|Photo by Brinkhoff/Mögenburg|
MARK SHENTON, Playbill.com London Correspondent
There has been a generous slate of new musicals in the West End, including the coincidental returns – in separate projects – of Tim Rice (with From Here to Eternity, which has in fact turned out to be running From Here to Not Much Longer at the Shaftesbury) and Andrew Lloyd Webber (with Stephen Ward at the Aldwych Theatre). Charlie and the Chocolate Factory, directed by Sam Mendes and with a composing team led by Broadway's Marc Shaiman and Scott Wittman, was spectacular, but a bit sticky.
But the best new musicals were all imported from Broadway. Commercially speaking, The Book of Mormon swept the boards (and set a new top ticket price for the West End of £152 for premium seats), but Once and The Scottsboro Boys were both more quietly thrilling in recreations of their original Broadway stagings.
Vicki Lee Taylor, who played Maggie in that production, closed at the 2,286-seat London Palladium on Saturday and opened four days later in the role of Daisy Gamble in a beautiful fringe revival of Burton and Lane's On a Clear Day You Can See Forever at the 50-seater Union Theatre in South London, proving the extraordinary way the business works for some performers.
The Union was also the scene for two more of my favorite musical revivals of the year, with the first-ever London revival of John Barry and Don Black's 1974 musical Billy staged with thrilling flair by Michael Strassen; and Benny Andersson, Bjorn Alvaeus and Tim Rice's Chess also imaginatively revived there by Christopher Howell and Steven Harris. Another terrific fringe revival saw Maury Yeston's Titanic take the roof off the new Southwark Playhouse, while Cynthia Erivo virtually single-handedly did the same for the London premiere of The Color Purple at the Menier Chocolate Factory.
There were a couple of serious musical disappointments, but even these had some compensating pleasures. At the National, Tori Amos' The Light Princess fell to earth with a gentle thud, despite the sterling efforts of star Rosalie Craig in the title role to keep it afloat giving one of the performances of the year. And at the Charing Cross Theatre, the UK premiere of Jerry Herman's Dear World made me want to cry out "Dear God," but it was great to see Betty Buckley on a London theatre stage again for the first time since she took over in Sunset Boulevard.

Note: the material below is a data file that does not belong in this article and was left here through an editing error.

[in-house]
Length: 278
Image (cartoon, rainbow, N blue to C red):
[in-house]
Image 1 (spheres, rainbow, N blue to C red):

Finally, Patti LuPone revisited Sunset Boulevard herself in song and anecdotes for the first time since she was ignominiously fired from the latter when she did a week of unstructured interviews with the irrepressible Seth Rudetsky at Leicester Square Theatre – and on one of the two nights I saw her told a very indiscreet story about backstage problems at Women on the Verge of a Nervous Breakdown. It was one of my all-time favorite events of the year.
Best of the Plays and Players
A new model for the West End saw Michael Grandage, who previously helmed the Donmar Warehouse for a triumphant decade, transplanting its ethos of star castings and high quality shows for a season of five plays in the commercial sector, and coming up trumps with shows that included Judi Dench and Ben Whishaw in John Logan's new play Peter and Alice, Daniel Radcliffe in a revival of Conor McPherson's The Cripple of Inishmaan and Jude Law currently in the title role of Henry V to give some of the performances of the year.
The best new plays of the year were Lucy Kirkwood's Chimerica, which transferred from the Almeida to the Harold Pinter; the National Theatre of Scotland's production of Jack Thorne's version of Let the Right One In at the Royal Court; and four terrific shows at the Bush, Ayad Akhtar's Disgraced (imported from New York), Cush Jumbo's solo Josephine and I, Rory Kinnear's The Herd and Tom Wells' Jumpers for Goalposts.
|Previous 1 | 2 | 3 | 4 | 5 | 6 | 7 | 8 | 9 | 10 Next|